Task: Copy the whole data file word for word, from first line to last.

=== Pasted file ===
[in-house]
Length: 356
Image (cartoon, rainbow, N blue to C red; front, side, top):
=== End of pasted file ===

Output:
[in-house]
Length: 356
Image (cartoon, rainbow, N blue to C red; front, side, top):